We had the Ethnic Cultural Center, and there was a place in the HUB where a lot of black students would congregate. We had Sisterhood and I joined a historically black sorority, Delta Sigma Theta. There were spaces you could go to, but it’s when you go to your classes that you were really by yourself. That can feel really isolating — when race comes up and you feel like everyone is looking at you.
Statistically, you might be more isolated today as a faculty member than you were as a student. African Americans make up less than 2% of faculty at UW, and in the 2014-15 school year, there were only two new hires who were African American — compared to 178 white faculty members. That’s an 89-to-1 ratio. This might be too direct of a question, but how does that make you feel?
It’s frustrating. People have excuses, and they talk about the “pipeline” and competitiveness, but whatever — that’s all smoke and mirrors. We can hire more faculty of color. I think this year they may have done a better job; I think we can do a better job.
Numbers are crucial for so many different reasons. One, to create more of a space for us to be successful. Particularly, junior faculty need to have cluster hires so they can have support going through the ranks. But also, we do a lot of work: we do the same amount of work in terms of scholarship that our white colleagues do — publishing, getting grants — but we also do a lot of work with mentorship of students. I just had a student call me who graduated two years ago. She’s pregnant and she’s a woman of color, so she wanted to talk about those issues.
I talk to students within my department and across campus — from health sciences to the law school. I want to play that role because people did that for me, but it’s a lot of work. I’m on two senior-level search committees right now. I’m the chair of a campus-wide committee. We need more people to share that work, and we need to be compensated for the work. We need to balance out our time, or receive “credit” towards promotion, or have this “extra” work count toward our required courses we teach.
What do you think of the Race & Equity Initiative?
I think it’s a good starting point. Definitely a move in the right direction. The conversations are good. President Cauce coming out and urging everyone to think about their privilege and talking about microaggressions and our individual biases is really good. I think the direction they’re moving in is to think about how to create systemic change within the institution — to change not just the culture and conversations about microaggressions, but to ask where are the numbers? What are we doing structurally to address issues about diversity and inclusion? How are we attracting students, faculty, and staff to this university? How are we retaining them? How are we making them happy and comfortable in this space?
The percentage of black students hasn’t really changed since you were here. I’m guessing you would like to see Initiative 200 overturned.
I think that would be a helpful step forward, because I-200 creates so many barriers. More people need to have an opportunity to get into the door. A lot of people say, “If you repeal I-200, people are going to be tokenized again.” But even with I-200, people still think that when they see students or faculty of color — particularly if they’re African American or Hispanic — that they’re tokens.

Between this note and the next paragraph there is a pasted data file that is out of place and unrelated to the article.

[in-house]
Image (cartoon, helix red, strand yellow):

There’s also a looming Supreme Court ruling that could strike down affirmative action across America. I’m assuming you’re rooting for that not to happen.
Right. I just think it’s going backwards. Affirmative action is not tokenism; it’s recognizing the inequalities that exist. It is affirmatively taking steps to right the wrongs of the past. People are so naive to say, “That was a long time ago.” But scholarship in sociology has shown that those moments in history, those acts in history, have created structural inequalities that are embedded within all of our institutions in society. We need to right those wrongs, and it’s going to take a long time to fix the problems that have been created. We need to take affirmative action to address the wrongs done to communities of color.
We’ve talked a lot about what could be better at the UW, but it seems like there are so many motivated scholars of color on campus. You must be constantly inspired by the people who are studying here today.
Yes, this is the next generation of academia. It is exciting because many of the faculty of color bring other ideas that haven’t been on the table. We tend to include types of material that have previously been ignored. We ask different sets of questions. Having more diversity on campus just makes the intellectual experience better for our students. It could be in Foster, the law school, science, everywhere — to broaden the possibilities of research questions, of types of data questions and methodologies. It makes us stronger, more thoughtful, and it makes us better.
Harris has a B.A. from the UW and an M.A. and Ph.D. from the University of California, Los Angeles. She has been a faculty affiliate at the West Coast Poverty Center since 2008. Her new book, A Pound of Flesh: Monetary Sanctions as a Punishment for the Poor, is due out this year.